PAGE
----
Tuesday, December 4, 2007

Goin’ all Grandpa Simpson…

As our “Dweeb Team” (Tango, Keri, Burley and I) continue our quest for drumming up support for Tim Raines Hall of Fame candidacy it reminded me of a previous quest of which I was privileged to be a part. It wasn’t that long ago when Fenway Park appeared to be headed for a date with the wrecking ball. This was before John Harrington had sold the Red Sox to the current owners (John Henry and Co.).

Anyway, those who have spent any time with me (poor souls) know I love baseball history--especially old ballparks. I took many a pilgrimage to the corner of Michigan and Trumbull and devoted much column space to blasting the political machinations leading to the inevitable destruction of Tiger Stadium.

I was fortunate enough to come across some kindred spirits in recent years; people who lobbied to save Old Comiskey Park, as well as the good folks of the Tiger Stadium Fan Club. At the time, I was working for MLBtalk as a columnist and associate editor that enjoyed a wide readership. I had always been interested in the business aspects of the game, as you’ll note should you ever inflict spending time going through my archives on yourselves.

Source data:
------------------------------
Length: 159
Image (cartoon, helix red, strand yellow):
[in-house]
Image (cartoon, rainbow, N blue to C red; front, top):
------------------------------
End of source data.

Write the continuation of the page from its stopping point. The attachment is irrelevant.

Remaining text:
This interest led me to Neil deMause’s excellent Field of Schemes mailing list.

The members of the list were folks wizened in the ways of the business and politics of sports. I received a tremendous education from the various ones who posted there. It was around this period of time when Fenway Park was in the crosshairs of corporate welfare gremlins of major league baseball.

Even though I am not a Red Sox fan nor have any interest in becoming one, I knew three things: (1) Fenway Park was a baseball shrine and an irreplaceable piece of baseball history (2) the Boston Red Sox were among the most profitable franchises in baseball and (3) a new Fenway Park would suck close to a billion dollars in tax revenues from a region that could not spare it.